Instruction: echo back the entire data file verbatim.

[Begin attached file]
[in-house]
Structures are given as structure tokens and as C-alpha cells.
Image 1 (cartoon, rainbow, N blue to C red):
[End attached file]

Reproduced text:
[in-house]
Structures are given as structure tokens and as C-alpha cells.
Image 1 (cartoon, rainbow, N blue to C red):